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Aurora Wins Navy Contract To Help Counter IEDs

The next-gen GoldenEye 80 UAS
by Staff Writers
Cambridge MA (SPX) May 07, 2007
Aurora Flight Sciences announced that the company has been selected for award of a contract through the Navy Small Business Innovation Research (SBIR) Program to develop a low-cost, easily deployed, degradable taggant that can be dispersed over a wide area of interest using an unmanned aerial system, such as the company's next-generation GoldenEye 80 UAS.

The taggant would note suspicious activity in the area, giving Coalition Forces a means to detect the emplacement of improvised explosive devices (IEDs), as well as build activity profiles for areas of operation, providing invaluable military intelligence.

"Aurora is proud to be working on a solution to the IED problem that our troops continue to face," said Dr. Thomas Vaneck, Aurora's Vice President of Research and Development. "IEDs are currently the major cause of Coalition Force combat casualties; any progress that can be made in helping to solve this urgent problem has the potential to save many lives."

Aurora is partnering with Professor Christopher Lambert at the Worcester Polytechnic Institute (WPI) for this development effort. In addition to developing the degradable taggant itself, the team will also develop a conceptual design for a robust sensor system that can be used to quickly and accurately detect changes in an area of interest that are characteristic of IED emplacement or other asymmetric threat activities.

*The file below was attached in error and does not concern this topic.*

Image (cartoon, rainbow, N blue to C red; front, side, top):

This passive taggant will enable nearly real-time change detection within the treated area using simple optical sensing techniques. Aurora intends to investigate a variety of approaches for dispersing the taggant, such as hand-held devices and from manned and unmanned vehicles.

Due to the urgent need for technologies to counter asymmetric threats, the team will seek to expedite the development to quickly move to field demonstrations, with a fieldable system ready in as little as 18 to 24 months.

Working with Professor Lambert is Chemistry graduate student Jason Cox. Mr. Cox has relevant experience in this area, being a U.S. Marine Corps reservist, who was deployed to Fallujah, Iraq. "The IED threat in Iraq and Afghanistan poses a constant hurdle for Coalition Forces despite the use of existing technologies. The taggant sensing system will not only aid troops in the detection of IEDs but also allow for the collection of real-time intelligence related to IED emplacement. This type of intelligence is paramount to countering asymmetric threats in today's evolving battlefield," said Cox.

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Air Force Stands Up First Unmanned Aircraft Systems Wing
Nellis AFB NV (AFNS) May 07, 2007
The Air Force's first unmanned aircraft systems wing stood up May 1 at Creech Air Force Base, Nev. As Col. Christopher Chambliss assumed command of the 432nd, a piece of history was revived and a course for the way ahead continued.







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